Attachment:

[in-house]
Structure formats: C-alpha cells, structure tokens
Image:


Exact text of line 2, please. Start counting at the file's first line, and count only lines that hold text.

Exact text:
Structure formats: C-alpha cells, structure tokens